Procedure For Special Rule 1: COVID-19 Response for Individuals Who Suspect COVID-19 Infection
The purpose of this procedure is to set forth a process and requirements for those individuals who access WVSOM’s campus and sites who suspect COVID-19 infection.
This procedure applies to all employees (full-time, part-time, and temporary), students, vendors and other guests accessing WVSOM’s campus and sites.
WVSOM reserves the right to amend this procedure at any time, as necessary or appropriate.
3. General Provisions
Common symptoms of COVID-19 include but are not limited to:
- Fever or Chills
- Shortness of breath or difficulty breathing
- Muscle or body aches
- New loss of taste or smell
- Sore throat
- Congestion or runny nose
- Nausea or vomiting
Should any employee, student, vendor, or other guest have any of these symptoms, he/she should contact a healthcare provider to determine if COVID-19 testing is needed.
Anyone who is ill must stay home and is not permitted to remain on campus. The individual must stay home until all symptoms have resolved and/or he/she has been cleared by a healthcare provider to return to campus. If anyone suspects COVID-19 infection, he/she should call a healthcare provider to determine what should be done.
If an employee becomes ill or tests positive for COVID-19 at any time, the employee will be required to self-isolate at home. Likewise, if a student becomes ill or tests positive for COVID-19 during the school year, the student will be required to self-isolate at home. When possible given the symptoms that the individual is experiencing, he/she should consult his/her healthcare provider by phone and if advised to go to the ER, try to call first to alert the ER that he/she is COVID-19 positive and seeking emergency medical care. The Greenbrier Valley Medical Center ER number is 304-647-6080. If the individual has symptoms such as shortness of breath, chest pain, confusion, cyanosis or inability to stay awake, he/she should call 911 and seek emergency medical attention. If possible, the hospital should be called prior to arrival.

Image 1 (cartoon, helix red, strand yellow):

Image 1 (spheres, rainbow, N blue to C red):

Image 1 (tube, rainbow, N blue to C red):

The healthcare provider and/or lab that conducted the test will notify the health department if an employee or student tests positive for COVID-19. The employee or student will be asked if he/she has had recent contact with anyone else locally (from four days from date of onset) and to provide that information to the health department. Any employees or students will be notified that they may have been exposed and asked to self-quarantine at home, take temperature twice a day and monitor symptoms for 14 days. Individuals who test positive and have no symptoms are to stay home for at least 10-14 days. Those with symptoms should stay home until they have been three days without fever, symptoms have improved and it has been at least 10 days since first symptoms occurred. Any area on WVSOM’s campus or sites visited by the student that must be used in the next week will be cleaned. When possible, the area will be closed for a day or more before cleaning will occur.
Individuals who test COVID-19 positive are not allowed to return to campus until cleared to do so by a healthcare provider that is specified in WVSOM Institutional Policy E-18: Examination Policy, Section 5.1.
Based on the number of contacts the individual who tests COVID-19 positive has had, WVSOM may need to partially or completely close for a short duration.
Employees working with a student that has tested positive for COVID-19 should determine the following:
Does the student have a private bedroom and bath?; access to food and water?; laundry services?; trash disposal?; needs for medications?; adequate cooling/heat?; reliable internet and/or phone?; pets?; childcare?; do others in the household have face coverings, gloves, sanitizer, disinfectant, thermometer?
If the answer to any of these questions is “no”, then the employee should refer the student to Belinda Evans, Director of Student Life at firstname.lastname@example.org, who is the main contact for student support services.